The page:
Avalon – King Arthur’s Final Destination

If you’ve read my Moon Stealer books you will know that I propose a location for Avalon from the King Arthur legends. But there are lots of possible theories about where the final resting place of King Arthur could be. Here are some of them…

In the legends of King Arthur it is stated that after he was mortally wounded, in his final battle at Camlann, his body was placed on a large ship and transported to Avalon. This magical island would facilitate the healing of his wounds and be his resting place, until he returned to Britain to defend his beloved nation.  In many of the stories Arthur is believed to be immortal, while in others it is implied that he died while living in Avalon. Due to the fact that his death occurred many centuries ago, modern day historians and others interested in the legends still are unsure of the exact location of Avalon.

shutterstock_425319052-1The connection between the king and Avalon can be traced back to the origin of the legendary sword Excalibur, which was forged on the island. It was also the home of the sorcerer, Morgan le Fay, and her 8 sisters. The island was shrouded in mystery and magic, and was ruled by the sisters, but with laws designed for the happiness and longevity of its inhabitants. Avalon was also known as The Isles of Apples, and there was no need for any outsider input as it was completely self-sufficient, taking care of its own trees, plants and people.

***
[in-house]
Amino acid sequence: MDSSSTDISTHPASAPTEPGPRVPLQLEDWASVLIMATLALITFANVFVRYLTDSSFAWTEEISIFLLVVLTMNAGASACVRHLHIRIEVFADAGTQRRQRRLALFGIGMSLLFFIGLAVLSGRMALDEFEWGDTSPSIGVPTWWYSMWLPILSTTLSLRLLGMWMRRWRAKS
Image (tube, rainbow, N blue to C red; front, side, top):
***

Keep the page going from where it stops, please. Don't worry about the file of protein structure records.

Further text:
In 1190, a search was conducted by the monks at Glastonbury Abbey, by order of the king. After digging up the entire compound, the monks claimed to have found the bones of King Arthur in a tree trunk coffin, buried 16ft underground.  Inscribed on the coffin was, ‘Here lies entombed the renowned King Arthur in the island of Avalon.’ At the time Glastonbury was surrounded by marshes, which became the evidence used to determine that it had been an island in previous years. During King Arthur’s reign there would have been one entry to the island, via the sea, but the Romans built other roads in while they inhabited Britain.

shutterstock_327512246Historians have conflicting views about Glastonbury Abbey being the place that the king was transported to after death. Some believe that the discovery of his tomb was staged in an effort for the monks to raise money to keep the abbey going. Others feel that the king ordered the search to prove to the nation that Arthur was not going to rise from the dead, and come to their rescue. Many others do agree, however, that Glastonbury Abbey fits the description of Avalon perfectly, especially with the large amount of apple orchards in the area. There have been other places which it has been suggested fit the description of Avalon just as well as Glastonbury, including Sicily, and several Mediterranean islands.


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